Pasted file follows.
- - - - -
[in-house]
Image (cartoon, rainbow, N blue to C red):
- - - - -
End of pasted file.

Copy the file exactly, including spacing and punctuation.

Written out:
[in-house]
Image (cartoon, rainbow, N blue to C red):